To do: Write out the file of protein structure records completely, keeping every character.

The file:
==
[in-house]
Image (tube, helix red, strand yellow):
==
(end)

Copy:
[in-house]
Image (tube, helix red, strand yellow):